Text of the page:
29 Apr Eco-Commoning
Each member of the Crafting the Commons network has been invited to write a post for the blog, capturing their thinking about commons and commoning as the project unfolds. This post is by Dimitris Papadopoulos.
Dimitris Papadopoulos is Professor of Science, Technology and Society and Director of the Institute for Science and Society at the University of Nottingham. He is also a Leverhulme Fellow and the founding director of EcoSocieties, one of the University of Nottingham’s Interdisciplinary Research Clusters. He is currently working on a monograph called Chemopolitics and Elemental Justice and a co-edited volume with Maria Puig de la Bellacasa and Natasha Myers called Reactivating Elements: Substance, Actuality and Practice from Chemistry to Cosmology (forthcoming with Duke University Press in 2021). His most last book, Experimental Practice. Technoscience, Alterontologies and More-Than-Social Movements (Duke University Press 2018), investigates how community technoscience, social innovation projects and the distributed invention power of social movements change the meaning of politics and justice today. Previous books include: Escape Routes: Control and Subversion in the 21st Century (Pluto Press 2008), Analysing Everyday Experience: Social Research and Political Change (Palgrave 2006) and Lev Vygotsky: Work and Reception (Campus 1999/Lehmanns 2010).
Close to the place where I live in the British Midlands lies Charnwood Forest, a large area of rolling hills, 700-million-year-old rocks, fields, and walking tracks of old or ancient woodland covered with dense carpets of bluebells every spring. It is also the site of a long history of conﬂict over the enclosure of the local commons.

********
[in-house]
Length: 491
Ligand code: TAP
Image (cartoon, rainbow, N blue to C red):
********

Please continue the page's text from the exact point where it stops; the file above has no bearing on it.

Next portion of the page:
In Britain, wrote E.P. Thompson, “there cannot be a forest . . . which did not have some dramatic episode of conﬂict over common right.” This is how he describes such an event in Charnwood: “In 1749 a great number of inhabitants, men, women and boys of neighbouring villages, including a party of colliers from Cole Orton, converged upon the warrens […] In the encounter that followed the warrens were thrown open. The ‘rioters’ clashed with the Warrener and his party, and one of the rioters was killed. There followed troops of dragoons, wholesale arrests, trials. Right of common was proved for twenty-six neighbouring towns and villages, and Charnwood Forest remained unenclosed for a further half-century.”
In 1808, the Act of Enclosure of Charnwood was passed, and Charnwood Forest was converted to arable fields for farming. Most of the ancient woods had already disappeared by the early seventeenth century because of the demand for timber and the continuous intrusion of grazing lands into the forest. Despite the enclosure of 1808, some of its lands were maintained commonly and were planted with trees. These tree-covered lands, together with the very few remaining ancient forests, make up the only woods that exist today.